There has been lots of crafting going on around here lately, despite the time crunch from the commute (or perhaps because of it – being busy has a way of focusing my energy and getting a lot more done in less time).
The fall colors are starting to appear on the trees all around us. Just this week, the edges of the highway have gone from green to reds and yellows. The tree in front of our house is an explosion of gold and orange. I’m delighted to say that some of those colors are also showing up on my spinning wheel:
That’s the “reds” colorway for the fall colors sweater. I think it’s going to work. Very excited.
Branden’s sweater has been growing by leaps and bounds, since rounds and rounds of endless stockinette is the perfect way to come off of a 2 hour traffic jam. I bound off the body last night, and have started the first sleeve. I love knitting Branden raglan sweaters; the construction means that the sleeves are already knit to the armpit by the time I split off onto holder needles, so finishing up the rest is much faster than knitting the whole thing in one go.
With that getting so close to done, I’m starting to scramble around for another project for the queue. I think I’m going to dye up that Falkland that I spun a few months ago. I’ve been dithering about whether or not to order more fiber and spin some more, just to be sure I’ll have enough. But I do have 950 yards, and I know which lace I want to knit and what color, and I think I might have enough. (Plus, I’m itching to knit it, it’s half designed already, and I am not feeling patient. True confessions.)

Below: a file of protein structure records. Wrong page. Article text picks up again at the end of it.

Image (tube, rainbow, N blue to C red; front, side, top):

I just finished setting the dye on some samples, and I’m pretty sure I have the colors I’m looking for when they’ve cooled enough to check. Fingers crossed that it comes out like I expect, and I’ll be dyeing the yarn tonight or tomorrow, and swatching soon thereafter.
I’ve also been slowly chipping away at teasing open the locks on the Gulf Coast fleece. This isn’t my favorite part of fleece processing, truth be told, so I have to do it in spurts here and there. But on Tuesday I finally washed everything one more time to (hopefully) get out the last of the lanolin, and I now have quite a pile of fluff in the basement.
That little bit in the box is all that I have left to tease open and rewash, and I’m hoping to do that today, since it means that I can go sit outside and enjoy this glorious weather we’ve been having. Once the washing is finished, I’ll move onto the combing/carding, which should be more fun, since it will get me that much closer to actually spinning the stuff!
I dropped Branden off at the airport this morning; he’s on his way to Austria for a week for work. That leaves me the whole weekend and most evenings to putter around on fiber things, so I’m hoping to finish up a few more loose ends. Or I may just sit and spin the rest of that fall fiber, as it is begging me to do. Doesn’t sound like a bad plan, really.
For now, I’m off to wash those samples and see what new colors await!
I told Branden a couple of weeks ago that I must absolutely not – for any reason – buy another raw fleece at Wisconsin Sheep and Wool this fall. I still have a fleece washed and waiting to be combed, and I just haven’t been getting around to it. I love the fiber, and I have a serious weakness for fleeces, but I really don’t need another.